input for televisions, however, so you will usually need to acquire
a DisplayPort-to-HDMI adapter.
Thunderbolt, a recently introduced connection, supports
DisplayPort. It is an unusual connection because it bundes a video
connection (DisplayPort) with a general data connection (PCI
Mini-DisplayPort and Thunderbolt connections are compatible out of
the box. That's a good thing, because not many devices offer
Thunderbolt support at this time. No televisions support
Thunderbolt at this time.
Fixing Overscan / Underscan
You'll find that 99% of the connections between a computer and a TV
are basically plug-and-play. The television and computer will
automatically communicate (provided the TV has the right input
source selected, of course!) and a picture will be display.
Even the optimal resolution will automatically be detected and
configured in many cases, and if it's not, you can fix this easily
using Window's display properties. You may find, however, that the
image is either too large or too small even when you properly
adjust the resolution.
This issue is called overscan (if the image is too large for your
television) or underscan (if the image is too small). You can't fix
it with Windows display properties but you can usually fix it using
your computer's display drivers.
Right-click on an empty portion of your desktop and look for AMD
Catalyst Control Center, Nvidia Control Panel or Intel Graphics
Properties. Once you've opened the driver control panel look for
the HDTV settings panel and then find the image scaling options.
You might also be able to fix the issue using your TV's settings,
but since various TVs have very different menus, I can only refer
you to your manual.
Other Common Display Output Problems
Though an HDTV should work with a modern computer automatically you
may occasionally receive only a black screen or a message that
tells you no input was detected.
Such problems are usually the result of an incompatibility between
a setting on your computer and a setting on your TV. Refresh rate
is a common culprit. Most TVs only support a few specific modes and
won't display an image if the refresh rate is incorrect.
You can fix this by opening your Display Properties, selecting
Adjust Resolution and then clicking Advanced Settings. You will
find the refresh rate under the "monitors" tab. Most every TV
supports 60 Hz.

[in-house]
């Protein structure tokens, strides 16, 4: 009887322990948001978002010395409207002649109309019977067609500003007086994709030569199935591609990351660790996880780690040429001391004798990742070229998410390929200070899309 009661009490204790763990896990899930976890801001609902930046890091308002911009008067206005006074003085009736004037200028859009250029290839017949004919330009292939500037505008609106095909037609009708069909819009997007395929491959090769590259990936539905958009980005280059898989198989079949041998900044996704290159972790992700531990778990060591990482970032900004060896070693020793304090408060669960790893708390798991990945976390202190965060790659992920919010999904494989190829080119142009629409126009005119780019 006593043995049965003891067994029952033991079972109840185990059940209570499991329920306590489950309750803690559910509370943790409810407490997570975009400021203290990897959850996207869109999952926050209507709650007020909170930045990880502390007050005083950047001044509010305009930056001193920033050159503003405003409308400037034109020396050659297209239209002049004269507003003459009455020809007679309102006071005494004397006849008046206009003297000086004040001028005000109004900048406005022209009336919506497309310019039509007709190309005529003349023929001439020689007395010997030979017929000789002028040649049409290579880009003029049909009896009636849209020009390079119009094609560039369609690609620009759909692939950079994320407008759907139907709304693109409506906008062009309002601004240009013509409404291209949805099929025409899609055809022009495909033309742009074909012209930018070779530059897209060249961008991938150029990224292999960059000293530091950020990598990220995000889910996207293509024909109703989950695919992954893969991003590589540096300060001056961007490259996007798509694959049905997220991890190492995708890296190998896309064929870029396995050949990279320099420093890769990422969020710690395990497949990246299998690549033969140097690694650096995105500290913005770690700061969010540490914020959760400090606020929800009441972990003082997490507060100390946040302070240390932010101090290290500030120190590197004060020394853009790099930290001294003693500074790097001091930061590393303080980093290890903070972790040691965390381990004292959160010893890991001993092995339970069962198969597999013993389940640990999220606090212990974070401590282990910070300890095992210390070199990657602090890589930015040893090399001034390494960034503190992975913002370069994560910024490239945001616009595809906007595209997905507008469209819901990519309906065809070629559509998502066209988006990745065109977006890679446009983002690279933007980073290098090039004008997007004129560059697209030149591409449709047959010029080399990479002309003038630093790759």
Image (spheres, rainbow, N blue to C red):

Resolution can also trip up a TV in some cases. For example, if you
have a 720p television but your computer tries to output 1600×900
or 1920×1200 the signal may be rejected. You can usually fix this
by opening Display Properties and going to Adjust Resolution and
then selecting an appropriate resolution for the second display
Misuse of video output can also sometimes be a problem. On desktop
computers with a video card you will usually have two sets of video
outputs, one for the integrated video solution (which is inactive)
and one for the video card. If you try to use the outputs connected
to integrated video while the video card is installed you will not
receive a signal.
This means that a computer that physically offers numerous video
outputs may only be able to output to one or two TV displays
because the outputs are split between the active video card and the
inactive integrated video.
A Note About Standard Definition
You may have noticed that I spent this article talking about
connecting to an HDTV.
It is not impossible to connect a computer to a standard definition
television. Your best bet will be to output via VGA and convert the
signal to composite or component. Heck, maybe you'll even find a
fancy standard definition TV with a native VGA input.
That's not likely, however. And even if you manage it, don't expect
much for your trouble. Computer output is notoriously terrible on
standard definition TV. The resolution of older televisions can't
properly handle the fine text used by a computer's user interface.
I hope that this article will help you better understand PC video
output to a television. If you have any questions or suggestions
feel free to leave them in the comments.
Image Credit: Yum9me , Manfred Wassman , Samcatchsides.com ,
Aurelien Yarrow , Marc Comeau , Dan Brickley , Johnathan O'Donnell